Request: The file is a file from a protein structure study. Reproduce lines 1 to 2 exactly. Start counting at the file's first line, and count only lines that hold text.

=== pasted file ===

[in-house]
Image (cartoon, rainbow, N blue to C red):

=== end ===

[in-house]
Image (cartoon, rainbow, N blue to C red):